Q: 
What kinds of systems are addressed by MechanicalSystems? 

MechanicalSystems deals with the kinematics and dynamics of
rigidbody systems. It is actually two separate but highly parallel
packages—one for twodimensional and one for threedimensional
kinematics. Any number of bodies may be combined by constraints to
form a mechanism of arbitrary complexity. The model may then be solved
numerically to find the position, velocity and acceleration of each
body. If external forces are applied to the
mechanism, MechanicalSystems can find the resulting reaction
forces applied to each body in the model.



Q: 
What coordinate systems are used
by MechanicalSystems? 

By default, MechanicalSystems uses referencepoint coordinates. The
position of each twodimensional body is represented by the coordinates of
its origin and the direction angle of the local axis (x, y,
c). The position of each threedimensional body is represented
by the coordinates of its origin and four Euler parameters or
quaternion elements (x, y, z, qo, qi,
qj, qk). However, userdefined generalized coordinates
may be assigned to any body and freely mixed with other bodies
represented by a reference point. Using generalized coordinates can
significantly reduce the complexity and increase the performance of a
model.



Q: 
What are the symbolic capabilities
of MechanicalSystems? 

MechanicalSystems generates all constraint equations and equations
of motion symbolically. In general, the resulting mechanism models do not
have closedform solutions, so they are solved numerically. For those special
cases that have symbolic solutions, Mathematica's builtin symbolic
capabilities may be used to manipulate and solve the constraint equations.



Q: 
Can MechanicalSystems solve inverse kinematics
problems? 

Yes, it can. MechanicalSystems has a very flexible inverse kinematics
(or design synthesis) module. Any number of mathematical conditions may be
specified and applied at any number of different mechanism configurations.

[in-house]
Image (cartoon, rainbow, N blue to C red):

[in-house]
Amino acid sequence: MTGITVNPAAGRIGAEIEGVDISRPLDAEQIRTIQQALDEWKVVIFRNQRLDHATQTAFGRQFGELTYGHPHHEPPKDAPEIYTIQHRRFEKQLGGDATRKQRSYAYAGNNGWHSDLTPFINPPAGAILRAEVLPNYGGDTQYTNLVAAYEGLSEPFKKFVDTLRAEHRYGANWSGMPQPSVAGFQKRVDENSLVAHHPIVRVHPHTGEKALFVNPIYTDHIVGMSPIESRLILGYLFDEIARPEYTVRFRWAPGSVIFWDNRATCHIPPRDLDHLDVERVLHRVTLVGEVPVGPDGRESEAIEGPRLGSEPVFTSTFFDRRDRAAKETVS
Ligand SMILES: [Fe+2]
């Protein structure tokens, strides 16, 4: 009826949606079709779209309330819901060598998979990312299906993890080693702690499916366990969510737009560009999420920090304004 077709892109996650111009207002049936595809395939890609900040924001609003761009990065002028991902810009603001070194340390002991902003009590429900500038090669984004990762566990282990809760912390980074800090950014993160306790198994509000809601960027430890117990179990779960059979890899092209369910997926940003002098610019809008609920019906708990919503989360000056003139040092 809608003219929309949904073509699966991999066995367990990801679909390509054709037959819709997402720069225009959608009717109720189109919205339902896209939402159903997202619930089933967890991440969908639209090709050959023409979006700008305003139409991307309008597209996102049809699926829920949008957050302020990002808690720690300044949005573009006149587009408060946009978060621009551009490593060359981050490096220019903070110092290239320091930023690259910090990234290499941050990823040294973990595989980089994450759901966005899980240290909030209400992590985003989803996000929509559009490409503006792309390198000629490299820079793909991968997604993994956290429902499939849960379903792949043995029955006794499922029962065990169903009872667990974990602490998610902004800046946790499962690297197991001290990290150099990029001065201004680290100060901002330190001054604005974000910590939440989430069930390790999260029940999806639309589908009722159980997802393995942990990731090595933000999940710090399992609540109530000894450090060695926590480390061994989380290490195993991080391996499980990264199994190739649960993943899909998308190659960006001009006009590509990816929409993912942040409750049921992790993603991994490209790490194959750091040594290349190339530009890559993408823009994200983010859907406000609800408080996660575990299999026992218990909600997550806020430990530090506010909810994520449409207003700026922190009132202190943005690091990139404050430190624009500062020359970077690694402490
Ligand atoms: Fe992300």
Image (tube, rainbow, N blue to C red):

MechanicalSystems will adjust a specified set of design variables,
attempting to find a design that satisfies all of the conditions. The
mathematical conditions may involve positions, velocities, accelerations
or joint reaction forces.



Q: 
Does MechanicalSystems do dynamic simulations? 

MechanicalSystems does both inverse (where the motion is specified
and the reaction forces are sought) and forward (where the applied
forces are specified and the motion profile is sought) dynamic
simulations. MechanicalSystems uses a variableorder, adaptive,
AdamsBashforth solution method for forward dynamic simulations. For 3D
models using angular coordinates, MechanicalSystems uses a special
integration block that integrates in angular coordinate space and then
does an exact transformation to Euler parameter space. This method
provides highly accurate simulations with large timesteps for models
that would otherwise be limited by the integration of sinusoids
representing their angular orientation.



Q: 
Can MechanicalSystems handle simulation problems involving
threedimensional gyroscopic forces? 

Yes, it can. Because of the difficulty in tracking the rapidly changing
coordinates of the gyroscopic bodies, gyroscopic problems (where some bodies
in the model are spinning at a much higher frequency than the motion of
interest) suffer in accuracy and efficiency when threedimensional
referencepoint coordinates are used. MechanicalSystems provides
two alternative methods to deal with such problems. First, special
gyroscopic constraints can be used to efficiently represent bodies that spin
about one of their principal axes. Second, and more generally, generalized
angular coordinates may be used to represent the spinning body regardless
of its symmetry or balance.



Q: 
Can MechanicalSystems handle problems involving
friction? 

Yes. The external forces applied to each body in a MechanicalSystems
model are specified as symbolic functions of position, velocity or the
reaction forces at constraints. In this environment, friction at a mechanism
joint is simply an applied force that is a function of the position of the
body and the reaction force at the joint (and possibly the velocity of the
body). MechanicalSystems does not attempt to provide any particular
friction model—the nature of the friction model is up to the user.
Note
that the symbolic expressions given to specify friction forces may have
discontinuities, so it is possible to represent such things as the sign
change in static friction upon a direction reversal.



Q: 
What documentation is provided with MechanicalSystems? 

MechanicalSystems comes with complete documentation that
automatically fully integrates with the searchable Mathematica
help browser. The documentation contains several examples of complete
mechanism models, which may be used as templates for your own
models. A printed manual is also included, except with download versions of the product. Documentation is also available online.



Q: 
What do I need to run MechanicalSystems, and how do I
order it? 

MechanicalSystems 2.2.0 requires Mathematica 10 or greater and
is available for all Mathematica platforms.
MechanicalSystems can be purchased from Wolfram Research or your local
reseller. Pricing and ordering
information is available in our
online store.



Q: 
Where can I get help if I have technical questions about
MechanicalSystems? 

For assistance in installing or operating MechanicalSystems,
contact our Technical Support department or your local reseller.